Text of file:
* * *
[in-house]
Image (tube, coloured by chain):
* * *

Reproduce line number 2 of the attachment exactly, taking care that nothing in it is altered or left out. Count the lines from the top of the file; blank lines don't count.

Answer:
Image (tube, coloured by chain):